The financial costs of the future enlargement on a tight EU budget are also likely to be hotly debated, calling for the member states’ solidarity to provide additional money for the next EU Multiannual Financial Framework from 2028. Unless the overall envelope for EU external action increases, larger allocations to the neighbourhood region and candidate countries could lead to less resources for other parts of the world, including Africa. The EU’s agenda is also moving away from development, focusing more on European economic interests and competitiveness. As a consequence, least developed countries are less likely to benefit from its ODA.

    The centre of EU decision-making weight is also moving. The attention shifting to the East is leaving more space for the Baltic, Nordic or Eastern European countries to weigh in the EU’s political game. The EU’s attention has turned towards Ukraine but also Moldova, which hosted the second meeting of the European Political Community in 2023. Both are now counted as part of the European political family, also when it comes to adjusting the priorities of the continent and suggesting to prepare for a war economy.

    Securing and defending Europe as priorities for an inward-looking new term

    Since February 2022, the Russian war in Ukraine has prompted the EU to prioritise inward-looking agendas, notably energy and food security, by accelerating the diversification of critical energy routes and resources. Ensuring its security has become the EU’s foremost concern, also in view of other security challenges affecting the Eastern neighbourhood beyond Ukraine: unresolved conflicts, territorial disputes, and cyber threats recently reaching a new scale in Moldova and Georgia, all involving Russia. Beyond the military assistance to Ukraine and the civilian mission helping Moldova to enhance its security sector resilience, increased attention to this region may imply a reassessment of the EU's security architecture.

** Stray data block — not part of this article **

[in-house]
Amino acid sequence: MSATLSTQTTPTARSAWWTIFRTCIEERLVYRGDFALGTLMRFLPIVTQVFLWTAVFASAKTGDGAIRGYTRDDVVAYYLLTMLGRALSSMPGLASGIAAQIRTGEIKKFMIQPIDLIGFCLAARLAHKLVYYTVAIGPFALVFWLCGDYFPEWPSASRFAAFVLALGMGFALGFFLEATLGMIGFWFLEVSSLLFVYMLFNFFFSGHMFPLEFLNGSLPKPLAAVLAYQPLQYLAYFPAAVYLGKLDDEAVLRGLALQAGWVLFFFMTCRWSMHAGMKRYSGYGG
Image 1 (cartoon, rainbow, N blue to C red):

Screenshot 2024-04-19 at 13.49.49.png
    Source: BBC

    In 2022, the security status quo in Europe has been ruptured, triggering the urge to reshape the EU's geopolitical priorities and strategies, including its defence cooperation mechanisms and relationship with NATO. Europe seems to unite around those priorities as the member states are also getting organised to get more leverage on the defence side, with Finland and then Sweden joining NATO. This European Commission’s term has been all about ‘geopolitical’. The next one will most probably be all about security and defence, with a possible dedicated defence portfolio. The Nordic, Baltic and Eastern countries of the EU have started to play a new-found key role in shaping the EU priorities. 

    The EU’s pivot towards the East and the North triggered by the Russian war in Ukraine is likely to have strong consequences on the EU’s relationship with the partner countries beyond the European continent. Unless the new leadership works hard to maintain and – why not? – strengthen the existing partnerships, already shaken by the new EU development policy framework, other EU partners might end up paying the price both in terms of reduced financial flows and shifting political focus.

    The views are those of the authors and not necessarily those of ECDPM.

    Thank you to San Bilal, Virginia Mucchi and Andrew Sherriff for their useful suggestions and review.